A Cafe

Food: 3 stars

Service: 2 1/2 stars

Ambience: 2 stars

Price: $$

Address: 2018 Broadway St., Boulder

Contact: 303-444-4191 or crepesalacarts.com/locations

Hours: Lunch, 11 a.m.-4 p.m. Monday-Friday; dinner, 4 p.m.-close Monday-Saturday; brunch, 10 a.m.-4 p.m. Saturday-Sunday

Credit cards: Accepted

Noise: Low

Our server at A Cafe had a difficult time suggesting a favorite crepe from the dozen or so savory pancake choices on the menu.

First, he guided us toward the classic Crepe Monsieur, telling us we couldn't possibly go wrong with the French ham and gruyere cheese favorite. Then, with a dramatic pause accompanied by a look of apprehension and a caress of his imaginary chin beard, he pointed instead to the Florentine Chicken Crepe, suggesting it would be an absolute shame to miss the chef's delectable cream sauce.

Though he had our mouths watering in anticipation, he switched gears again and spent the next minute waffling between the Florentine and the Neo Seoul, an eclectic crepe package filled with shredded barbeque pork and kimchi.

It's clear that A Cafe is trying to put a fresh spin on an old menu favorite. Inventive and unique crepe fillings, along with enticing baguette sandwiches and Parisian-inspired starters, pepper the new and improved menu at A Cafe, formerly Arlene's Creperie & Bistro and, before that, Crepes a la Carte on Broadway in Boulder.

Along with the menu revamp, you'll find sweeping changes inside A Cafe.

For those who don’t want crepes, A Cafe has other offerings, such as this Bahn Mi -- roast pork, ginger giardiniera, fresh herbs and sriracha aioli.
For those who don't want crepes, A Cafe has other offerings, such as this Bahn Mi -- roast pork, ginger giardiniera, fresh herbs and sriracha aioli. (Jessica Cuneo/For the Camera)

An ambitious makeover has transformed the once-nondescript crepe joint into a quaint, cozy, Parisian-style cafe complete with chandeliers, exposed brick, hobnail-framed mirrors and woven rattan bistro armchairs. It's now the type of place you'd bring a date, friends or family on a special occasion or a posse of lunching ladies, though they do also serve dinner. Self-confident men unafraid to eat quiche or, in this case, crepes would find plenty to like here, too.

One look at our first non-crepe selection from the lunch menu, the Pawley's BLT, and we knew Crepes a la Carte had come a long way from its crepe-shack roots. A crusty baton of French baguette is slathered with creamy pimiento cheese on both sides of the bread, then topped with crisp applewood-smoked bacon and sliced, fried-green tomato. Leaves of baby kale add a pleasantly bitter bite, cleansing your palate from the richness of the cheese and bacon. House-fried potato chips add a textural complement, though you could opt for a side salad instead.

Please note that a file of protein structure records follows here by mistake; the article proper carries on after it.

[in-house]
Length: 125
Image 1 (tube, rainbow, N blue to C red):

One bite of the Florentine Chicken Crepe brings the delicate richness of sweet cream. Is that a hint of nutmeg your tongue detects? Another bite uncovers the nuttiness of melted Gruyere grounded by the earthiness of sauteed shitakes. Verdant green spinach, moist pan-seared chicken and caramelized red onion pokes out from between the Cyclopean-sized, folded crepe. A simple field green salad coated with a balanced brown sugar balsamic vinaigrette is served alongside.

The Orchard crepe isn't rolled but, rather, gift-wrapped into a neat, crisp package filled and topped with crumbled fennel sausage, sauteed sweet leeks, tart chunks of Granny Smith apples and chevre. Christened lightly with a sprinkle of powdered sugar to enhance the sweet fennel and apple flavors, this crepe is perfect when you can't decide between sweet and savory.

The "Raspberry Dream" crepe at A Cafe includes dark chocolate, fresh raspberries and Chantilly cream.
The "Raspberry Dream" crepe at A Cafe includes dark chocolate, fresh raspberries and Chantilly cream. (Jessica Cuneo/For the Camera)

If you're saving your sweets for dessert, consider instead the Neo Seoul crepe. Korean ingredients dominate this intensely flavored parcel of pancake perfection. A garlic sesame crepe is overstuffed with tender, succulent shreds of barbeque pork and Korean kimchi, then topped with egg scrambles and a light drizzle of chili oil. It's nothing short of delicious.

A reset of silverware and a consult with the friendly server and we were ready to sip coffee and select our sweet crepe. Decisions, decisions! A dozen and a half options confuse and confound; in the end, we decided simplest was best. Rather than ordering a monstrosity of a crepe they call "The French Monkey" -- it consists of dark chocolate, peanut butter, bananas and banana liqueur -- we tried the basic Lemon Souffle Crepe. The brightness of fresh lemon offset the eggy crepe perfectly, as did a few fork tines full of fresh chantilly cream scooped from the side of the plate and a well-pulled shot of espresso.

A Cafe offers various fillings on its crepe menu, some more exotic than others. From the simplest savory -- ham and cheese or sweet, plain sugar -- to the creative Neo Seoul, everyone is bound to find something to their liking. Heck, they even have gluten-free crepe batter, so bring your allergic friends.

Prices range from $5 for plain sugar to $12 for the Florentine Chicken with side salad. The list of predominantly French wines is concise yet varied and is interesting, whether by the glass or bottle. Draft and bottled Avery Brewing beers are featured, including "The Reverend," and the menu asks that you designate a driver after consuming this high-alcohol bomber.

After sampling A Cafe's wares, it's easy to see why the server had such a difficult time helping us whittle our selections. Everything we tasted was fantastic. Kudos to the team at A Cafe for not only transforming the crepe, a tired and dated menu item, into current and creative cuisine but also for metamorphosing their old restaurant concept into a fresh, unique and valuable addition to the Boulder restaurant landscape.